Sunday, August 8, 2010

*p. 93-94 & 98 & 433 A New Birth of Freedom, Jaffa

What is Calhoun's "concurrent majority"? Compare to Rousseau's "general will." How are these both related to Hegel's "cunning of history" ? (p. 94)

Relevant Passages: Calhoun's principle of the "concurrent majority"-by which certain minorities are given a veto power over actions of the government-is likewise said to transform factional strife in society into harmony and mutual advantage. As presented by Calhoun, it neutralizes and brings into unity the otherwise uncontrollable conflicts of interests, in much the same way that the abolition of private property is thought to do by Marx.

Hegel's "cunning of history," by which the rational ends of human civilization were supposedly advanced without any rational foreknowledge of those ends by the makers of the great events of history, was the tacit ground of the optimism equally of Calhoun and of Marx. Both, like Hegel, believed that they looked back upon the course of human history and were able to descry therein a rational purposefulness of which even philosophers had not hitherto been aware. They believed this was possible because, unlike their predecessors, they lived in proximity to that absolute moment when the purpose of all previous history would stand revealed. Because of this, they could be rational or scientific concerning the actions necessary to promote the completion of the historical process, and thereby the human good, as none of their predecessors could have been.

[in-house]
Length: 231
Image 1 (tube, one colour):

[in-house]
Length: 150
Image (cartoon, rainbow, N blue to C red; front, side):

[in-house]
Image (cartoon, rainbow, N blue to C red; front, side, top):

The idea of progress led Hegel, Marx, and Calhoun radically to depreciate the role of reason in all of their predecessors, whether statesmen or philosophers, to none of whom the rationality of history itself had been vouchsafed.33 Reason was truly manifest only in the absolute moment wherein history as progress was revealed. The scope and importance of reason as a means of access to truth, or of guiding human life toward human fulfillment, was thereby immeasurably degraded, except within the infinitesimal boundaries of the absolute moment. But questions were inevitably raised about that moment. By what right had the historical school exempted itself from the relativism that it attributed to everyone else?

Harry Jaffa. A New Birth of Freedom: Abraham Lincoln and the Coming of the Civil War (Kindle Locations 1572-1580). Kindle Edition.

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